While growing up as part of an indigenous tribe in central Papua, Maurtis’ insatiable appetite to learn about Indonesia’s landscape and wildlife led him to become one of the leading birdwatching guides in West Papua and join Fauna & Flora International’s (FFI) staff as a biodiversity and livelihood officer. Maurits has been an influential pioneer in the development of Raja Ampat’s terrestrial ecotourism programs and community-based conservation initiatives that both preserve species and respect local wisdom. His infectious curiosity, friendly personality and natural storytelling skills make him a respected teacher, while his caring and inclusive approach to problem-solving minimizes friction and finds win-win solutions for everyone. Since 2016, he has helped FFI reduce bird hunting in the Waigeo Island-Raja Ampat Nature Reserve by more than 80 percent, gain support from 22 local villages to protect forests and prohibit bird poaching, facilitate sustainable development plans together with communities and even inspire bird hunters to become bird protectors.
Nominated by Fundación Proyecto Tití (Colombia)
In 1991 after graduating from the Universidad Nacional de Colombia, Luis (or Soto, as his team knows him) learned about a job opportunity studying cotton-top tamarin monkeys with Proyecto Tití. In the 30 years that followed, Soto truly became a hero to his team and to wildlife. He recorded some of the first long-term data on cotton-tops that explained factors influencing social groups, territories, development and diet. His knowledge of the species and ability to influence people to support conservation allowed the team to lead the most extensive and accurate population surveys ever conducted for the species – resulting in their recognition as a critically endangered primate. Soto helped Proyecto Tití expand to new research sites, helped secure protected forest reserves for wildlife, trained new biologists, developed new research techniques and authored more than 30 publications. His charm, charisma and sense of humor have been an integral part of Proyecto Tití’s success; he is a gifted storyteller, an inspiration to members of his community, and a role model that continually inspires his team to reach beyond what they believe is possible.
La Réserve des Gorilles de Tayna Team
Nominated by Gorilla Rehabilitation and Conservation Education (GRACE) Center, Inc. (Democratic Republic of Congo)
In the Democratic Republic of Congo, the members of La Reserve Réserve des Gorillaes (RGT) are creating a brighter future for critically endangered Grauer’s gorillas. This locally-elected community team manages the Tayna Nature Reserve, a protected area of land donated by 21 families of traditional landowners to benefit the future of wildlife, culture and people. In 2020, RGT members partnered with the Gorilla Rehabilitation and Conservation Education (GRACE) Center for a milestone moment: despite challenges and delays caused by political instability, insecurity and disease outbreaks, the team trained community members to lead the first-ever great ape survey throughout the entire 900 square kilometer reserve. The results of this survey show hope for the future- Grauer’s gorillas and eastern chimpanzees are still present in the forest, and because of the RGT’s commitment, a large team of passionate community members are now trained and ready to continue this conservation success story.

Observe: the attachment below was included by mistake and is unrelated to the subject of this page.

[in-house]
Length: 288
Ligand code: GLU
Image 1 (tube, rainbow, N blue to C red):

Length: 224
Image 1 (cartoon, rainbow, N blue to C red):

Enkhburen (Buren) Nyam
Nominated by International Snow Leopard Trust (Mongolia)
Buren and his team of community rangers have spent their lives practicing traditional livestock herding in Mongolia’s Tost Mountains. In 2009, Buren became the voice of his herder community, skillfully managing a community livestock insurance and conservation program supported by Snow Leopard Trust to compensate families for livestock losses from snow leopards. And, a few years later, against overwhelming odds, Buren and the Tost community helped establish the Tost Mountains as a federally protected nature reserve. In collaboration with rangers, Buren and his team members – one from each of the seven Tost communities that live within the reserve – collectively patrol most of the 8,965 km2 reserve for illegal activity, and also collect data on wildlife. With unflinching dedication, the team ensures year-round patrolling and wildlife monitoring, using motorcycles to travel across vast and harsh landscapes. Once considering snow leopards a threat to his family’s livelihood, Buren is now a snow leopard advocate. He and his team are invaluable ambassadors for this threatened species, sharing good practices in patrolling and wildlife monitoring with rangers from other Mongolian protected areas.
Nominated by Lion Landscapes (Tanzania)